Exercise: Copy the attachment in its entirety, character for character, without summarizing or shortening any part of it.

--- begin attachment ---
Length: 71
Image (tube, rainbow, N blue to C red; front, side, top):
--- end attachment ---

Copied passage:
Length: 71
Image (tube, rainbow, N blue to C red; front, side, top):